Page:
Published at Saturday, 11 May 2019. Color by Number. By Lacyann Perret.
The History of Paint-by-Number, Paint-by-number kits were first developed in 1950 by Max S. Klein, an engineer at and owner of the Palmer Paint Company in Michigan. These kits were co-created with commercial artist Dan Dobbins. Wikipedia stated, “In 1951 Palmer Paint introduced the Craft Master brand which sold over 12 million kits. This public response induced other companies to produce their own versions of paint by number.” Paint-by-number kits had mass appeal, and for good reason: they gave everyone the chance to create something beautiful. Although many art critics detested these kits, the public loved them. While they are not as popular as they used to be, paint-by-number kits are an American trademark and are still well-loved by people all over the world.
Have you ever tried using color by number worksheets in the classroom? If you have, then I bet you’ll agree that these pages provide a lot of fun for children of all ages the whole year round. Aside from providing hours of enjoyment for your kiddos, here are three other benefits of using color by number worksheets. Children are trained to follow instructions. Let’s face it; even adults have a hard time following instructions. I think this only means that training children early to follow directions, even for something as simple as color by number worksheets, surely has its benefits. Aside from learning the importance of following instructions to come up with a correctly colored picture, children are trained to function better at home and in school, as well as taught to accomplish other tasks faster and more effectively.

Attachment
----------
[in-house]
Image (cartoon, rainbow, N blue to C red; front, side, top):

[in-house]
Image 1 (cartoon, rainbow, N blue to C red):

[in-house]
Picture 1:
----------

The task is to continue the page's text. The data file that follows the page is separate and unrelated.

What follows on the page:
Color by number printable can be differentiated for different students, Color by number pages do not have to be “integers only” pages. We like to use color by number pages to teach mathematics. Instead of giving a number for a space to color, we might give an addition problem: 2 + 3 =. Then, at the bottom of the page, we might say, “5 = purple“. Kids would solve the problem, then color that space in depending on the color given for the answer. This gets kids practicing their skills with mathematics – addition, subtraction, multiplication, division, working with shapes – while completing a fun art project in the classroom. It’s a best of both worlds scenario.
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